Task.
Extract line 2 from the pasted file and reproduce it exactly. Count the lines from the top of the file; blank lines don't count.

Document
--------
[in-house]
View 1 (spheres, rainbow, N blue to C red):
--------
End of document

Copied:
View 1 (spheres, rainbow, N blue to C red):